I brew on a 1⁄2-barrel Heat Exchanged recirculated mash system (HERMS). I turn up my hot liquor tank (HLT) temperature to about 200 °F (93 °C) for recirculating the wort. If I don’t keep the HLT temperature that high it takes forever to bring the mash temperature to my target. Is keeping it this hot affecting my efficiency?
Paul, the direct answer to your question is “no”; using 200 °F (93 °F) water to heat wort with a copper coil heat exchanger is not going to hurt your efficiency. The important factor is the wort temperature measured at the outlet of your heater, not the temperature of the heating medium.
Heat transfer rate is defined by the following simplified equation:
q = UAΔt/d
Where “U” is the overall heat transfer coefficient, “A” is area, “Δt” is the temperature difference between the heating medium and the product being heated, and “d” is the thickness of the heating surface. This basic equation is used in all sorts of engineering applications from home insulation to food processing to power plant operation. There are a few important take home points that are very helpful to brewing since heat exchangers are used for mash and wort heating, water heating, wort boiling, wort cooling, and fermenter control.
The easiest ways to increase the overall rate of heat transfer are to increase the heat transfer area and/or increase the temperature of the heating medium. In the case of HERMS mashing, you can increase the heating area by using a longer heating coil or by changing the diameter of the tube (tube area = πr2L, where r is the tube radius and L is the tube length). At home it is not practical to use tubing that is greater than 1⁄2 inch (1.25 cm) in diameter because anything larger is difficult to bend without purchasing special tools, and extending the tube length is limited since the tube coil needs to fit in your hot liquor tank.
If area is effectively maxed out, the next variable to play with is temperature. The challenge with this is that water can only be heated to 212 °F (100 °C) before it begins to boil. This limitation can be overcome by using pressurized hot water systems, hot oil systems, hot glycol systems, or steam systems. Pressurizing water above atmospheric pressure increases the boiling point and is really simple in principle, but has several challenges related to safety and practicality. Steam systems are the norm for commercial breweries, but very uncommon at home because of cost.
I don’t know of any homebrewers using hot oil or hot glycol systems, but these two heating media can be heated well above 212 °F (100 °C) and used in the same fashion as the water in your hot liquor tank. In fact, if these high temperature fluids are pumped through a coil submerged in a kettle they can be used for wort boiling. Commercial hot oil and pressurized water brewhouses were fairly common from the 1950s through the 1970s, but were replaced by steam systems. Although this solution requires another vessel and pump, the design is really pretty simple and may be of interest to some.
The third approach is to focus on the U-Value. So what is the U-Value? It’s a term with multiple components that essentially describes the resistance to heat flow of the heat transfer surface. In the case of a heat exchanger tube, the primary components of the U-Value include:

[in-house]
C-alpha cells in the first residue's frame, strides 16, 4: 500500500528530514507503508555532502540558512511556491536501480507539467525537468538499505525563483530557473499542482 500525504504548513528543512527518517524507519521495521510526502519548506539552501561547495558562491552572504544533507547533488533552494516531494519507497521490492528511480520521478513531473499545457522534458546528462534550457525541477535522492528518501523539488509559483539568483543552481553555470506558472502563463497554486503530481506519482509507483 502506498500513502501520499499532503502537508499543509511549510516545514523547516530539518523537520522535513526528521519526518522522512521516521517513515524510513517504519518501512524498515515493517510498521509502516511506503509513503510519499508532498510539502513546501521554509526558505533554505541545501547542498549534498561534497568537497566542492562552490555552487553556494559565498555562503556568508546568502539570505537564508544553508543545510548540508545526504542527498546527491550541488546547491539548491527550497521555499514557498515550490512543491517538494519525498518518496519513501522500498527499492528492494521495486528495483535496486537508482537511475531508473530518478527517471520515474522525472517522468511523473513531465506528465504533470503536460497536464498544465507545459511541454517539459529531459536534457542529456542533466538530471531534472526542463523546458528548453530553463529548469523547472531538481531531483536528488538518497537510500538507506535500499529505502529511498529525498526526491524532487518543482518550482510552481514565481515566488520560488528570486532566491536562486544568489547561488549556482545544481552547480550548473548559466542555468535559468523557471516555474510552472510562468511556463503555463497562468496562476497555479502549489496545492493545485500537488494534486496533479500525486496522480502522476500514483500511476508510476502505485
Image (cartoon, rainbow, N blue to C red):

• The thermal conductivity of the heating surface.
• The convective heat transfer coefficient on the product side of the tube.
• The convective heat transfer coefficient on the utility side of the tube (hot water, oil, etc.).
The U-Value is adversely affected by fouling at the heat transfer surface, and the take home message is that a dirty heat exchanger performs less effectively than a clean heat exchanger by reducing the convective heat transfer coefficient. Soils on the wort side and mineral deposits on the utility side are examples of fouling that brewers must address to prevent progressive reductions in heating rate.
The thermal conductivity of the heating surface is a material property and copper conducts heat at a rate roughly 17 times greater than stainless steel (assuming the same material thickness). Although stainless steel has many advantages over copper, thermal conductivity is not one of them. As long as you use cleaning chemicals that are compatible with copper, you will get a very long service life from your heating and cooling coils. The bottom line with this topic is that material selection directly influences the U-Value.
Finally, there is the convective heat transfer coefficient. The most effective means of increasing this value is with liquid turbulence at the heating surfaces. With a HERMS the wort is pumped through the heat exchange coil. Turbulence can be increased inside the tube by increasing flow rate for a given tube size or by reducing the tube size for a given flow rate. Turbulent flow is defined by the Reynold’s number, where Re = ρvd/µ and Re>4,000 is defined as turbulent; ρ = density, v = velocity, d = diameter, and µ = viscosity.
In your HERMS, the hot water in your hot liquor tank moves very little, and the movement that is present is entirely due to natural convection. Stirring the water will significantly increase the U-Value by changing the convective heat transfer coefficient on the water side of the tube. Water tanks can be stirred with a simple mixer or by pumping the water in the tank and returning the water at an angle that causes movement. In the case of a tube-in-tube heat exchanger, such as a wort cooler where a copper tube is surrounded by a hose, the water side convective heat transfer coefficient can be affected by playing with the Reynold’s number.
At the end of the day, what matters to the enzyme system in the mash is temperature. How you change the temperature affects heating rate, and as long as you don’t increase the mash temperature by heating wort from the mash to very high temperatures you will be in good shape.